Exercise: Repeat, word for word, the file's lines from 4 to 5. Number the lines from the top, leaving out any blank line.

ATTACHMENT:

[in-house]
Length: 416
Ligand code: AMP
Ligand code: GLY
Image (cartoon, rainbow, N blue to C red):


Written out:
Ligand code: GLY
Image (cartoon, rainbow, N blue to C red):